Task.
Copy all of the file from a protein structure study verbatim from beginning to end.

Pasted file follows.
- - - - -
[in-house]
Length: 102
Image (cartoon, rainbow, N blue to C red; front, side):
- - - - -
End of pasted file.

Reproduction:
[in-house]
Length: 102
Image (cartoon, rainbow, N blue to C red; front, side):